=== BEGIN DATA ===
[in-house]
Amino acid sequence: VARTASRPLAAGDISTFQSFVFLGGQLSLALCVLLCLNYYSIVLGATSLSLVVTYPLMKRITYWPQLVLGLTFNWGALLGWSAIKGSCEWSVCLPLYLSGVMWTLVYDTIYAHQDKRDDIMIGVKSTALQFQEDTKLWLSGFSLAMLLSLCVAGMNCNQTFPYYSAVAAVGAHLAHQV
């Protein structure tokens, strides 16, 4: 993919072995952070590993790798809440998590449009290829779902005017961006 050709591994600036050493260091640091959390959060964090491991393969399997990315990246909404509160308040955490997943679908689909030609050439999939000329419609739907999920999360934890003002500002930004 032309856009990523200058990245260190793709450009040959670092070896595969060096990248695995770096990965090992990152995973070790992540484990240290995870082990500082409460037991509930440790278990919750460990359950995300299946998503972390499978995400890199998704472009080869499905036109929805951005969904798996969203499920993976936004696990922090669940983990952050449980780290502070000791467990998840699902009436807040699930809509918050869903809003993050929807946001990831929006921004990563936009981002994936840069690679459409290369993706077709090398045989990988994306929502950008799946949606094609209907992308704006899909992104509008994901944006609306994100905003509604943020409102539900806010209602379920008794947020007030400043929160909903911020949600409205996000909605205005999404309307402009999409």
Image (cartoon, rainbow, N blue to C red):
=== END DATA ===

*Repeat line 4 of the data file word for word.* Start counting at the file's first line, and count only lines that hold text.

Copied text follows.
Image (cartoon, rainbow, N blue to C red):